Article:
Friday, February 15, 2013

Integrating XML - Past, Present and Future


In my entry on IBM i 7.1 TR6, I called out querying the web with new HTTP functions and using XML to do more with DB2 for i. It just so happens that the very cool example on developerWorks came from Nick Lawrence.

Nick is one of our hotshot software engineers working on DB2 for i in Rochester Minnesota.  He has been involved with putting good things in your tool bag since 1999.  His most recent set of goodies include full text search (think OmniFind), SQL/XML and XMLTABLE.

I asked Nick if he can share some additional insight and give us some guidance on XML and DB2 integration - past, present and future.

Ladies and gentlemen, Mr. Nick Lawrence...

____


Integrating SQL and XML


How do you process XML data?  In particular, how do you publish your relational data in an XML format?  If you’re like most DB2 for i developers, you’ve found working with XML both a necessity and a challenge.  The conversion from rows and columns into an XML document can be a daunting task, but one that cannot be avoided.  While rows and columns are optimal for the transactional and data warehouse workloads that characteristically run on IBM i, XML is the predominate standard for information exchange between web-based applications.  The desire to have web-accessible applications makes publishing relational data as XML data a business imperative.  Development communities can tackle the issue one of two ways.

    1.    Purchase or develop non-integrated and non-standardized tools
    2.    Utilize the integrated SQL/XML publishing functions available in DB2 for i 7.1

For customers not yet running on IBM i 7.1, the database has no native understanding of XML.  In other words, those folks are forced to take option one. 

For some customers, option one means purchasing the DB2 XML Extender portion of the IBM DB2 Extenders product (5761DE1 and 5770DE1).  The DB2 XML Extender option defines a set of user-defined types to represent XML, as well as many user-defined functions and stored procedures for performing common XML tasks. 

For other customers, option one means writing an in-house solution to process XML.   Unfortunately, this set of customers typically ends up reinventing a subset of the capabilities that are already available in the XML Extender option.  Worse yet, these XML solutions are usually not reusable and will need to be reinvented (again) when new XML requirements emerge.

Customers that have moved up to IBM i 7.1 have a built-in and standardized solution available to them for working with XML data using SQL/XML.  It shouldn’t be a surprise that IBM recommends the DB2 for i SQL/XML solution over in-house solutions and the XML Extender option.
 

But why is it better to have an integrated and standardized solution?


To answer the question, let’s look at a specific scenario where relational data is to be published as XML.  A comparison can then be made between a solution that uses SQL/XML and a similar solution that uses the DB2 XML Extender.  Because DB2 XML Extender is a chargeable product, we’d expect it to have more impressive features and capabilities than an average in-house solution.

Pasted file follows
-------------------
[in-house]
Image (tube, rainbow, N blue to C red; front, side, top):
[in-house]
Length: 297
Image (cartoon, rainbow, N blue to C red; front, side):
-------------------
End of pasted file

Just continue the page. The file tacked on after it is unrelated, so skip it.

Figure 1 shows a simplistic and normalized SQL schema that contains customer orders.  Each order has exactly one customer associated with it, and one or more kinds of parts that have been ordered.

Figure 1 - Sample schema





Figure 2 shows a query that produces one row for each type of part in an order. 

Figure 2 - Inner Join

        SELECT           order_id,
                                order_time,
                                customer_name,
                                customer_address,
                                part_code,
                                quantity
        FROM              order
        INNER JOIN    customer
             USING (cust_id)
        INNER JOIN    order_part
             USING (order_id);


The output of the join from Figure 2 (using a set of sample data) is shown in Figure 3.

Figure 3 - Output of inner join




From this data, assume that we wish to produce an XML document that represents order number two, as shown in Figure 4.

Figure 4 - Order document for order number 2

<?xml version="1.0" encoding="UTF-8"?>
<order>
    <id>2</id>
    <time>2012-12-16T10:00:00.000000</time>
    <customer>
        <name>Wally</name>
        <address>Minneapolis</address>
    </customer>
    <part_list>
        <part_list>
            <part>
                <code>Soda</code>
                <quantity>200</quantity>
            </part>
            <part>
                <code>Lunch</code>
                <quantity>10</quantity>
            </part>
            <part>
                <code>XML Book 123</code>
                <quantity>1</quantity>
            </part>
        </part_list>
    </part_list>
</order>


With SQL/XML, this can be accomplished with the query shown in Figure 5.  In this query, the common table expression (order_part_list) is used to aggregate the repeating part elements of an order into a single XML value.  The rest of the XML document is then built around that value using a join.  The join is very similar to what was used in Figure 2, except the join is to order_part_list (the aggregation of order_part), instead of the order_part table.

Figure 5 -SQL/XML query

        WITH order_part_list AS (
         SELECT order_id,
                XMLGROUP(part_code   AS "code",
                         quantity    AS "quantity"
                         ORDER BY quantity DESC
                         OPTION ROW "part"
                                ROOT "part_list"
                         )
                      AS part_list
         FROM        order_part
         GROUP BY    order_id
        )

        SELECT XMLDOCUMENT( 
                XMLELEMENT(NAME "order",
                XMLFOREST(order_id                   AS "id",
                           order_time                 AS "time",
                           XMLFOREST(customer_name    AS "name",
                                     customer_address AS "address")    
                           AS "customer",
                           opl.part_list     AS "part_list"